Hikers navigate the trail to Eagle and Symphony Lakes. Photo by Scott Banks.

Whether you live in Anchorage or are visiting the city with time allotted for outdoor adventures, you’ll find a variety of day or overnight backpacking trips in Chugach State Park, less than an hour’s drive away. With some route tweaking, you can elevate those excursions from awesome to epic. Either way, you’ll be happy you took the time to explore the area’s mountain playground.

Williwaw Lakes

5.9 miles one way

This gradually ascending hike leads to a stunning series of lakes strung like rosary beads along a u-shaped, glacially sculpted valley. Level tent sites abound surrounding the lakes, all with views of the 5,445-foot Mount Williwaw, which towers over the end of the valley.

If you hike to the last lake, a 500-foot climb up the north side lands you at Walrus Lake, above and out of sight of other campers. The last time I camped there, I thought I heard artillery exploding miles away until I realized I was hearing my own heartbeat. The moss was so pillow-soft and deep, I walked around the campsite in my socks.

Most campers return home the way they came, but if you have the energy, climb the pass beyond Walrus Lake and walk down Long Lake Valley that drains the North Fork of Campbell Creek. It connects with the Near Point Trail.

Note: There are two approaches to Williwaw Lakes. For the most leisurely, hike the Middle Fork Loop Trail from the Glen Alps parking lot.

Eagle and Symphony Lakes

6 miles one way

This hike can be done in a day—but why rush when you can pitch your tent and fish for grayling in Symphony Lake? Wildlife sightings include moose, bear, and ptarmigan, and in the fall, the alpine slopes endlessly delight blueberry pickers.

The trail begins with a short uphill, dips down to river level, and then gradually ascends to Eagle and Symphony lakes. A mile-wide boulder field between the lakes challenges even experienced hikers—trekking poles are handy for balance. Flat camping spots are scarce beside the lakeshores but the surrounding peaks contribute to a spectacular setting.

For the mountain-goat backpacker, a challenging alternative lies three miles from the trailhead past the bridge over the south fork of Eagle River, where a side trail to the left climbs into Hanging Valley. Two miles in past a tarn, you mount a short rise to the shores of Hanging Valley Lake. Here, surrounded by 2,000-foot black-rocked ramparts, the camping spots are abundant, and you’ll likely be the sole occupant. My last trip there, I interrupted the reverie of a young bull moose with an imposing rack. Sheep kept a wary eye out as they grazed in the upper reaches of the surrounding mountains.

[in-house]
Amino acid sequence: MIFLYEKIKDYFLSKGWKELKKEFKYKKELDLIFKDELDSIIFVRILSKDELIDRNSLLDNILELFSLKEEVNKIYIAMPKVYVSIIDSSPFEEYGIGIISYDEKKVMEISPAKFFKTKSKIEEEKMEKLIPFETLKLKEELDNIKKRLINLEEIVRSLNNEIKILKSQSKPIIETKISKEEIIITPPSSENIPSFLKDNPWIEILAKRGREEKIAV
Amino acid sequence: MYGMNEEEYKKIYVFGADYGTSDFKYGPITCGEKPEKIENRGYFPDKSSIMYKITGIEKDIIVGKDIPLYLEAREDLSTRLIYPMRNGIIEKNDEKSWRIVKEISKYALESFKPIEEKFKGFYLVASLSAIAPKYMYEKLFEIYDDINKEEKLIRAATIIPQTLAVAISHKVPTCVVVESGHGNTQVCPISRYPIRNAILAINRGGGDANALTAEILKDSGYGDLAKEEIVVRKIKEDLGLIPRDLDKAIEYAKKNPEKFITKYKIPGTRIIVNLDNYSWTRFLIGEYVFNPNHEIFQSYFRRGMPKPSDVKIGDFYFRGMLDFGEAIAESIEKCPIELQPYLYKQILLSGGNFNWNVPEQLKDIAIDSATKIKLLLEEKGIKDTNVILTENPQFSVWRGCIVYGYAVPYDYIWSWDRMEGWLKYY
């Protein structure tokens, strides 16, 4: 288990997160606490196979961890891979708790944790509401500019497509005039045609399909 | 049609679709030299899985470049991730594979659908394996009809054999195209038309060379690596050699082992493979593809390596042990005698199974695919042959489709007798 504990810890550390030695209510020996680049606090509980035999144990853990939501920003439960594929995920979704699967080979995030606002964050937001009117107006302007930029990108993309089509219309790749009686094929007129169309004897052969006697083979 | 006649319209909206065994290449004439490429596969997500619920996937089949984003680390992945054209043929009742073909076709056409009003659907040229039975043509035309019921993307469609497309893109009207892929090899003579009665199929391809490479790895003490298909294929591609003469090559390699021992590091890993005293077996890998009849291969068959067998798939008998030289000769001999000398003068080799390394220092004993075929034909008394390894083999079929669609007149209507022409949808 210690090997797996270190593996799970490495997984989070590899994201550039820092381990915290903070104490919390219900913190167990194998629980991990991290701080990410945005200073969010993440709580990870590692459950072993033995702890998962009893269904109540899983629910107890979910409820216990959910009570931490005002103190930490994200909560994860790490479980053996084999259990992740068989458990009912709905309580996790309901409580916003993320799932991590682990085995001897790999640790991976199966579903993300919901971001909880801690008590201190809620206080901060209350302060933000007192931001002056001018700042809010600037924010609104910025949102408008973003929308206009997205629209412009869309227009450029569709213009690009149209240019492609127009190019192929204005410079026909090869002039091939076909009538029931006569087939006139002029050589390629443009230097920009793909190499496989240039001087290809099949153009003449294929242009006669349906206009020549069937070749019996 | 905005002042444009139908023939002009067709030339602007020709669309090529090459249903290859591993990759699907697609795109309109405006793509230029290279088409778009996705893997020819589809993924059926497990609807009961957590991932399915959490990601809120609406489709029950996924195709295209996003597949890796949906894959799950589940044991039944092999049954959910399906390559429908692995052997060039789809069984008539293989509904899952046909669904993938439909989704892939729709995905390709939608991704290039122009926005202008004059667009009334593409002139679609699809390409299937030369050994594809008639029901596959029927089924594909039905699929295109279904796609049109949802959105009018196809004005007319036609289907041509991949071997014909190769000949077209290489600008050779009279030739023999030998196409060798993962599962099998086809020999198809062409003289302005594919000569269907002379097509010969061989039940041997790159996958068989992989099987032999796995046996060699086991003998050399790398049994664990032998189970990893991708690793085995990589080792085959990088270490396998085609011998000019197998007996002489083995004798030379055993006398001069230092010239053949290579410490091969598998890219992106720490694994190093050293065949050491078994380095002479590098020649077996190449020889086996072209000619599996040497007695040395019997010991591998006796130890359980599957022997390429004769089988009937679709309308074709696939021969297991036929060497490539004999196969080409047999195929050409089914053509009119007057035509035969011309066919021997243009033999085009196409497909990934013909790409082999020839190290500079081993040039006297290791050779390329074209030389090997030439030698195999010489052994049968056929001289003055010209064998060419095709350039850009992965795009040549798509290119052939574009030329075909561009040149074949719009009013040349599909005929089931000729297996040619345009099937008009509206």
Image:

Rabbit Lake to McHugh Creek

4.4 miles one way (to Rabbit Lake)

South Suicide Peak and Rabbit Lake Alaska
South Suicide Peak rises above Rabbit Lake. Wild lupine bloom in the foreground. Photo by Scott Banks.

Nestled in an alpine valley above Anchorage, Rabbit Lake makes an ideal day trip. The trail follows an old roadbed through alder patches and over a few shallow creeks. It opens up for vistas of Rabbit Creek Valley with a stunning view of the Suicide Peaks. Explore the area or dare to take a swim—but be forewarned, the water is brain-numbingly cold.Many local day hikers turn around here and head back home for a soft bed. For the epic version of this hike, though, spend the night, and in the morning, continue along the trail that skirts Rabbit Lake and veers west past McHugh Lake, 6.4 miles down the McHugh Creek drainage. It’ll take you to sea level at a different trailhead. On my last trip, I counted 54 sheep, all within easy photo distance.

Be Prepared

  • Wildlife encounters are always possible in this area, including brown and black bears, and moose. Give them plenty of room.
  • Always check the weather forecast before you go. Mountain weather can change quickly.
  • Bring a gas cook stove, as open fires are prohibited in Chugach State Park.
  • A parking fee is required at each trailhead, where a kiosk posted with information and maps will get you hiking in the right direction.
  • The Alaska Department of Natural Resources publishes one- and two-page guides with trail descriptions, park rules, and a map at dnr.alaska.gov. Questions? Contact Chugach State Park at 907-345-5014.

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